KONGFor the United States, the North Korean regime makes a credible
member of George W. Bush's pantheon of evil. For South Korea, the North is a
source of endless frustration and occasional danger. For Japan, Pyongyang's
missiles are crude reminders of the holes in its self-defense capability.
But North Korea is now a bigger a problem
for its last remaining friend, China, than for its foes. Irritation with
Pyongyang is not yet official, but in private, and in the popular mind, there is
contempt along with occasional flashes of anger at its stubborn refusal to learn
from China and change its ways.
What can China do about this prickly and
recalcitrant regime which combines an extreme version of Korean nationalism with
a Communist elite's ruthless commitment to its own survival? Recent incidents
have underlined how much of a liability Pyonyang has become. North Korean asylum
seekers in Beijing have repeatedly embarrassed China, and despite the huge
increase in security around embassies in Beijing such events are certain to
recur. China has cracked down on South Korean and foreign church groups
encouraging asylum-seeking through China, but the pressure will not go away.
China has also been forced to tighten
security along the border with the North, but knows that it cannot be sealed.
Indeed, the porous border is to the advantage of the North, which is content to
export its problems of feeding and clothing its population.
China conspicuously failed to take sides
over the recent North-South naval clash. It saw this for what it was - a
diversion from the South's moment of triumph in hosting and reaching the
semifinal of the World Cup. This incident was never going to lead to a wider
war, but it reminded China of the potential vulnerability of its Beijing
Olympics to events on the nearby peninsula.
More immediately, the clash offered a new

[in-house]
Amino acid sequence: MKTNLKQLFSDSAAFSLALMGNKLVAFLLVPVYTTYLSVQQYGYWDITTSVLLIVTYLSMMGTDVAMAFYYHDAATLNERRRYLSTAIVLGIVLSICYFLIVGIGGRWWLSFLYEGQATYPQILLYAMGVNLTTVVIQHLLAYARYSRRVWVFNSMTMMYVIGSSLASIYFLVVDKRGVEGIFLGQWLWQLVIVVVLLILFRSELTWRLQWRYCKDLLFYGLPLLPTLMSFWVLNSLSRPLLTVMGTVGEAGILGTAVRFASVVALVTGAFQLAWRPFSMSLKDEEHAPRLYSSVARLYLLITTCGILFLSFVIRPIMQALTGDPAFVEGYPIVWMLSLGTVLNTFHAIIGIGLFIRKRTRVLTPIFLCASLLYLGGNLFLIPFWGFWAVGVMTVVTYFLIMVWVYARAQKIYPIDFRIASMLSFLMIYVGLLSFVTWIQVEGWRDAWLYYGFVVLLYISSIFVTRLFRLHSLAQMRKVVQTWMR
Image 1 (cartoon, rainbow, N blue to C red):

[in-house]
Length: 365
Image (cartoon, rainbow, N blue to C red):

threat to the South's "sunshine" policy, which Beijing has been at pains to
encourage. It could lead to victory for the conservative Grand National Party in
the presidential election in December and a shift by Seoul toward the United
States, with which relations have been uncomfortable since Bush came to office.
Beijing is also concerned that lack of
reform in the North could eventually lead to the collapse of the regime and a
German-style instant reunification, whether the South wants it or not. China is
wary of Korean reunification, especially at a time when U.S. troops are still in
the South. Even if U.S. troops were then withdrawn and Korea came more within
China's sphere of influence than that of America or Japan, China would have
worries about the integrity of its own frontiers, given the number of ethnic
Koreans, with their fierce sense of identity, on its side of the border.
China has continued to support the North
with food, fuel and fertilizer to help keep the regime afloat and avoid any
sudden and disruptive change. It has used its relationship with Pyongyang very
effectively on the diplomatic front, wringing concessions from Washington on
other issues in return for help, real or imagined, in pressing the North on
nuclear and missile questions.
But China has had scant success in
persuading the North to change its domestic policies. Beijing has access to the
leadership - which is more than anyone else has - but little influence. Last
year Kim Jong Il visited China's showcases of economic reform, Shenzhen and
Shanghai. He was surely impressed. But for survivalists like Kim, real change is
So is there anything China can do? Should
it take some risks and threaten withdrawal of economic support if there is not
economic reform and a serious response to the South's sunshine policy? Are there
factions within army and party in the North which it can back in an effort to
spur change? Or is domestic politics in the North too obscure, or nationalism so
strong that any Chinese attempts to meddle would backfire?
For now China is preoccupied with its own
party congress and new leadership. There is policy inertia in China itself. Many
in the party and the army would regard any attempt to force change or cut the
North Koreans adrift as strategically dangerous. For them the present situation
is uncomfortable, but tolerably so.
However, even conservatives recognize
that China's support for its bizarre Communist friend and neighbor fits ill with
the expansion of China's influence in a prospering, trade-oriented East Asia.
The rest of us should stop worrying about Pyongyang. Its weaponry is as
overblown as its rhetoric. North Korea is a nettle that China has to grasp.